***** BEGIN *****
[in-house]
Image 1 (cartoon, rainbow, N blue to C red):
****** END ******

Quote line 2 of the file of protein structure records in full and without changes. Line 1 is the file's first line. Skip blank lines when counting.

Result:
Image 1 (cartoon, rainbow, N blue to C red):